During the Ruso-Finnish Winter War of 1939-40, Simo Häyhä, a Finnish sniper and competitive shooter, racked up 505 confirmed kills, some put the number as high as 542 in just 100 days of combat.
The Finnish soldiers called him “The Magical Shooter”, the Soviet soldiers had a more apt nickname for him. They called him the “White Death”.
After being seriously wounded in the war, Häyhä would live quietly as a farmer until he passed away in 2002 at the age of 96.
Häyhä was born on December 17, 1905, in Rautjärvi, Viipuri Province, Finland, in a Lutheran heritage family of farmers as the second youngest among eight children.
Prior to joining the military, he was an accomplished hunter, shooter, and skier although he made his living as a farmer. He first joined the Finnish military in 1925 at age 17 as a member of the Finnish voluntary militia White Guard (Suojeluskunta), similar to the U.S. National Guard.
After his service, he returned to farming but he purchased his issued rifle, as Finnish soldiers were given the option to, an early series SAKO M/28-30 (Sn.35281/Civil Guard district number S60974). The rifle was a Finnish variant of the Mosin–Nagant rifle, known as “Pystykorva”, the Spitz, chambered in the Finnish Mosin–Nagant cartridge 7.62×53R. The Finns nicknamed it “The Spitz” since the front sight resembled a Spitz dog breed.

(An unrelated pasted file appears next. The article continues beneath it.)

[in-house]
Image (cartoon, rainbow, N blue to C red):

Häyhä lived near the Finnish base and was a frequent competitor in the shooting sports that the Finns would conduct there. And reportedly, his house was full of competitive shooting trophies. He was able to shoot and hit 16 targets at about 150 meters in a minute using a bolt-action rifle.
War With the Soviet Union:
The Russians wanted a war with Finland and tried to provoke the Finns in late November 1939 with a massive artillery bombardment of the border. Josef Stalin tried to blame the Finns for some untold “aggression” which fooled no one in the rest of the world.
On November 30, the Soviets invaded Finland with over 160,000 troops. Although severely outnumbered, the Finns were well led and prepared. Stalin had purged his officer corps in 1937 and executed thousands of his officers. The result was he had politically loyal but tactically inept leaders. And they would pay the price in Finland.